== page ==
Letter to William Godwin

Fontaine’s Le jeu des fables

This Treasure is paired with: Fontaine’s Le jeu des fables (Fables)

  • Mary Wollstonecraft
  • 19 August 1796
  • Letter

Mary Wollstonecraft was a philosopher and feminist, and author of A Vindication of the Rights of Woman (1792). Her relationship with the radical philosopher William Godwin is brought to life through their letters. In this one, at the start of their romantic involvement, Mary shows her vulnerability after a previous disastrous relationship. She composes a fable of herself as a bare sycamore tree, longing for spring, which buds too soon and shrivels in a frost. Although Godwin read this cry for warmth as a criticism and a desire to separate, they married some months later.

Transcription

As I was walking with Fanny this morning, before
breakfast, I found a pretty little fable, directly in my
path; and, now I have finished my review, I will tran-
scribe it for thee.

A poor Sycamore growing up amidst a cluster of
Ever-greens, every time the wind beat through her
slender branches, envied her neighbours the foliage which
sheltered them from each cutting blast. And the only com-
fort this poor trembling shrub could find in her mind (as
mind is proved to be only thought*, let it be taken for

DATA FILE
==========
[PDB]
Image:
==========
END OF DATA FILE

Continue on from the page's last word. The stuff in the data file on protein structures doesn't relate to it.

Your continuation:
granted that she had a mind, if not a soul) was to say,
well; spring will come soon, and I too shall have leaves.
But so impatient was this silly plant that the sun could
not glisten on the snow without her asking, of her more
experienced neighbours, if this was not spring? At
length the snow began to melt away, the snow-drops
appeared, and the crocus did not lag long behind, the
hepaticas next ventured forth, and the mezereon began
to bloom.

The sun was warm – balsamic as May’s own
beams. Now said the sycamore, her sap mounting, as she
[*] see Godwin’s Political Justice

[fol. 25v]

spoke, I am sure this is spring.

Wait only for such another day, said a fading Laurel;
and a weather-beaten Pine nodded, to enforce the
remonstrance.

The Sycamore was not headstrong, and promised,
at least, to wait for the morrow, before she burst her rind.
What a to morrow came! The sun darted
forth with redoubled ardour; the winds were hushed.
A gentle breeze fluttered the trees; it was the sweet
southern gale, which Willy Shakespear felt, and came
to rouse the violets; whilst every genial zephyr
gave birth to a primrose.

The Sycamore no longer regarded admoni-
tion, she felt that it was spring; and her buds,
fostered by the kindest beams immediately came
forth to revel in existence.

Alas! Poor Sycamore! The morrow a
hoar frost covered the trees, and shrivelled up thy
unfolding leaves, changing, in a moment the colour
of the living green – a brown, melancholy hue
succeeded – and the sycamore drooped, abashed;
whilst a taunting neighbour whispered her, bidding

[fol. 26r]

her, in future, learn to distinguish february from
April.

Whether the buds recovered, and expanded, when the
spring actually arrived – the Fable sayeth
not –